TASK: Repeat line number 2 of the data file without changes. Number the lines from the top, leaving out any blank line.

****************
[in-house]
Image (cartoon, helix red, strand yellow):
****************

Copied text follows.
Image (cartoon, helix red, strand yellow):